On November 20, 2014 President Obama announced several executive action remedies for many immigration problems facing the United States and our broken immigration system. According to the White House, the “Immigration Accountability Executive Actions will help secure the border, hold nearly 5 million undocumented immigrants accountable, and ensure that everyone plays by the same rules.”
The biggest impact will affect approximately over 4,000,000 undocumented immigrants, through deferred action programs. Deferred action is authorized through the Immigration and Nationality Act and various regulations.
First, the President announced the expansion of Deferred Action for Childhood Arrivals – otherwise known as DACA — deportation relief for those who meet the regular criteria as established in 2012 but with the following changes:
- Born prior to June 15 1981 (age 31) – can NOW apply if entered the US before the age of 16. (Previously limited to those age 30 on June 15, 2012).
2. Must show continuous US residence since January 1, 2010 (previously was June 15th 2007)
These persons must still prove they entered the US prior to the age of 16 and that they are currently enrolled in an education program or have earned a high school diploma or equivalent. These person can have no significant misdemeanor convictions including any DUIs and NO felonies.
This DACA-plus program has now been extended for 3 years instead of 2 years. Once in DACA, a person will not be deported and can obtain a work authorization card and travel permit. If one has a pending DACA application as of November 24, 2014, USCIS should issue the status and card for 3 years.
The Effective Date of DACA-Plus: February 20, 2014 according to USCIS
Secondly the President announced a new deferred action program called Deferred Action for Parental Accountability or DAPA. This program applies to any undocumented person living in the US who on November 20, 2014:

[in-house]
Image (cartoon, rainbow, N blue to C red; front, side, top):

Is a parent (biological or adopted) of a US citizen or LPR child of any age
- Continuously resided in the US since January 1, 2010
- The child was born on or before November 20, 2014 (future children do NOT count)
- Applicant is not an “enforcement priority”
A new memo was also announced on the specifics of new enforcement priorities, providing a hierarchy of three enforcement priorities, based on the gravity of criminal or immigration violations. A significant misdemeanor is listed under “priority 2” for those who should be deported and includes those convicted of a DUI. Therefore, it appears that applicants with DUI convictions will be ineligible for DAPA. Those who had a prior deportation, including those who had prior voluntary departure and did not leave, are considered “Priority 3” for deportability, and again may be ineligible for DAPA.
The effective date of DAPA: May 20, 2014 according to USCIS
Anyone who believes they may be eligible for these programs should begin collecting valid identity, such as a matricula consular cards or passports, proof of physical presence in the United States for the past five years, and proof of relationship to US citizen or LPR children.
For questions or for legal advice on how these new programs may assist illegal or undocumented persons living in Colorado and the United States in general, please call Denver lawyer Catherine Brown at 303-322-2117.